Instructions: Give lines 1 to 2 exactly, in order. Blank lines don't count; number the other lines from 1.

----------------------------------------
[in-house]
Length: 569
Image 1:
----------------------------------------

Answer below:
[in-house]
Length: 569